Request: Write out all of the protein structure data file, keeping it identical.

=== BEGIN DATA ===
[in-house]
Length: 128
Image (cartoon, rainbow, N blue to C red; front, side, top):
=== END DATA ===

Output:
[in-house]
Length: 128
Image (cartoon, rainbow, N blue to C red; front, side, top):